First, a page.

For over eight years, ProgrammableWeb has served as the Web's defacto journal of the API economy; offering news, advice, API directories, research data, and other information when it comes to the world of Internet-based APIs. Now, as a part of our continuing mission to serve as the world's leading resource for developers, API providers and stakeholders, we're announcing the the launch of ProgrammableWeb's first-ever face-to-face conference; APIcon.
Set to take place in San Francisco from May 27-29, 2014, attendees will be treated to workshops, a multi-vendor hackathon (yes, prizes included), keynote presentations, conference sessions, ad-hoc (attendee-driven) unconference sessions, after-hours network receptions and a rock concert at the famous Ruby Sky night club featuring the alternative rock band CAKE.
Registration as well as the call for papers for APIcon is now open at APIconSF.com.
Why This? Why now?
Around the same time that ProgrammableWeb was founded in 2005, I founded an event for the API economy called Mashup Camp. The first one of what turned out to be many camps took place in February 2006 at the Computer History Museum in Mountain View, CA. We nearly had to turn people away at the door. But the CHM turned a blind-eye and let us exceed the capacity of their auditorium to kick off an extraordinary series of events that took us from California to New York, Boston, London and Dublin.
These were deeply prescriptive events that were incredibly relevant to the exploding API economy. Developers and API practitioners alike learned from their more experienced peers about the art of provisioning API's and developing Web and mobile applications that consumed them. It was truly an event for the API community, by the API community. Companies like Google, Adobe, Salesforce, Box, AOL, Yahoo!, Eventful, Sun, Microsoft and more stepped-up in a big way to cover the cost of the venue while also making their own arrangements to bring breakfast, snacks, lunch, dinner, coffee, and the after-hours entertainment.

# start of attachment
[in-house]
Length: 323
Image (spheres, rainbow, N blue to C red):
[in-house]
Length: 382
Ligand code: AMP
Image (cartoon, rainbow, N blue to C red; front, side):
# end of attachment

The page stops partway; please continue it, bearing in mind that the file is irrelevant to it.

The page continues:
The API community even came forward to install a permanent WiFi network at the Computer History Museum to ensure that developers had all the bandwidth they needed to hack applications. Everyone from experts to beginners attended. People learned. Relationships were forged and lives were changed (see the image below) as attendees found new employment opportunities with the most innovative companies in the world. The community advanced.
So, today, as I survey the API landscape, I sense the absence of this sort of event; a vendor-neutral confab that's dedicated to APIs. One where the keynote and conference speaking positions cannot be "bought" in a way that the sessions turn into pitches. One that's free to developers, and where the the producers of the event are motivated by advancement of the API community's interests instead of profit.
This is why ProgrammableWeb is doing APIcon.
APIcon will kick off on the first day (May 27) with dozens of workshops. The workshops are designed for classroom style instruction where developers will engage with API providers to learn how to best develop Web and mobile apps that take advantage of those providers' offerings.